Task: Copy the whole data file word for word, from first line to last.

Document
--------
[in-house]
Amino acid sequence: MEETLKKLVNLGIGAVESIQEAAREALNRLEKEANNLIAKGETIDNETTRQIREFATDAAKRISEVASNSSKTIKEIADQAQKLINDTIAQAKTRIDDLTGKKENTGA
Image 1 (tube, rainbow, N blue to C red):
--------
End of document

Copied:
[in-house]
Amino acid sequence: MEETLKKLVNLGIGAVESIQEAAREALNRLEKEANNLIAKGETIDNETTRQIREFATDAAKRISEVASNSSKTIKEIADQAQKLINDTIAQAKTRIDDLTGKKENTGA
Image 1 (tube, rainbow, N blue to C red):